Wednesday night was filled with buzz as the Portland-based band Wild Flag was set to play Kansas City for the first time and the hipster crowd was making sure not to miss it. I had never been to the Record Bar when there was a line to get in. I thought it might have been sold out from the outside, but they were in fact just taking a while to file into the bar. Opening for Wild Flag was a duo calling themselves YellowFever from Austin, no relation to the virus that can kill you. I’m sure they only named themselves as such so critics like myself would pun up their reviews with things such as ‘no one was immune to the solid vibes being projected by YellowFever’, or ‘the crowd was contagious with YellowFever’. Not this critic, no, I can resist a pun, I think.
Donning all the instruments of a full band between just two young artists, YellowFever proves that more bodies are not needed to create minimalist, fun indie pop music for all. Lead vocalist Jennifer Moore runs the guitars, bass and keyboard while drummer Adam Jones also takes on bass synth and vocals behind his drum set. Although their songs are short and sweet, they stick with you. After hearing about three songs, I had a pretty clear idea of the direction they are headed in, musically. YellowFever could easily be heard on a soundtrack to any new indie film. They would fit perfectly as eerie or odd background music. The only downside to their music came about half way through the set. Their songs started to sound as if they were repeating. When your songs are focused on two or three chords throughout, there is only so much you can do to differ them from one another. The ambidextrous duo certainly gave us their all and seemed to have a good time doing so. Not only do they play a thousand instruments at once, but their t-shirts were handmade. Pick up their self titled album when you see them. I had fun with YellowFever, but I really came to see the girl quad Wild Flag.
I think that it is safe to say that quite a few of the fans that attended the show were new fans because of Carrie Brownstein’s new found fame from the successful comedy Portlandia on IFC. A few others may have been there because they just love super-goups. The band consists of ex-members from the bands Sleater-Kinney, Helium and The Minders. I was there because I have been trying to see these girls live for over seven months now. My original attempt was in Austin during SXSW, but with the craziness that goes on down there, my plans were changed and when they played, I was probably on the other side of town. One regret that I lived with for months now that has finally been rectified. The group did not disappoint. Their post-punk indie rock songs kept the crowd moving and stacked on top of one another to keep close to the stage. In fact, it was one of those shows where the crowd thinks that I’m trying to steal their spot by moving through and photographing. I could feel the gentle nudges and hip swings coming toward me as if to say, “get the fuck out of my spot.” Message received.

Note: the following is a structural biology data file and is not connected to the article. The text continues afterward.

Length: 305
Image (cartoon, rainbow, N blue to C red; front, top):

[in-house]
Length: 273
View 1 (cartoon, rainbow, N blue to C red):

After safely returning to my spot by the sound board, the crowd really loosened up with Wild Flag and the girls on stage started head bangs and high kicks, which was awesome. The most impressive song of the set was “Glass Tambourine” which trailed on for another five minutes or so after the lyrics had ended. The psychedelic sounds filled the air during the set and returned us to a time when music meant something more than fifteen minutes of fame.
Its been a long time since I’ve seen a band truly perform for the crowd. With the hipster movement in full swing, most bands are what we like to call shoegazers. There is no movement on stage, besides the rotation of instruments. No dancing, gyrating or leg kicking-perhaps its due to those tight pants they wear. Make no mistake, Wild Flag consist of four women, but you certainly shouldn’t categorize them as such. Their musical skills and stage performance could hold up against any classic rock male band you could name. The vocals between the foursome are eerily in sync as well. Its not that they sing in harmony, no, when they sing, they all sound like the exact same voice, the only difference being that Brownstein’s is a bit more prominent and projected.
I can finally check Wild Flag off of my bucket list but that certainly doesn’t rule them out for a repeat show. I enjoyed the performance, the songs and the general vibe of the room so much, that they will certainly be seeing me in their crowd again and they should see you there as well.
by Angela Davis